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Review
, 187, 91-7

Helicobacter Pylori Infection and Gastroduodenal Injury by Non-Steroidal Anti-Inflammatory Drugs

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Review

Helicobacter Pylori Infection and Gastroduodenal Injury by Non-Steroidal Anti-Inflammatory Drugs

D M McCarthy. Scand J Gastroenterol Suppl.

Abstract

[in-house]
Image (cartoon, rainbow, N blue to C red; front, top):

Helicobacter pylori infection with active gastritis is comparably common in non-steroidal anti-inflammatory drug (NSAID) users and controls. The prevalence of active acute gastritis and its severity relate to H. pylori infection and not to use or non-use of NSAIDs. In individual patients active gastritis may deteriorate during long-term NSAID therapy but is rare in aspirin users. Among NSAID users those with H. pylori gastritis appear to have more dyspeptic symptoms, repeated intolerance to different NSAIDs, and often a history of ulcer disease. For current ulcers, NSAID use, chemical gastritis, and active gastritis due to H. pylori are independent risk factors. For gastric ulcer the risks are additive. For duodenal ulcer only H. pylori is a clearly defined risk factor: duodenal ulcers may not occur in H. pylori-negative NSAID users. In gastroduodenal mucosa NSAIDs may augment acute inflammation caused by H. pylori, and inflammation may exacerbate the biochemical injury to these tissues caused by NSAIDs.

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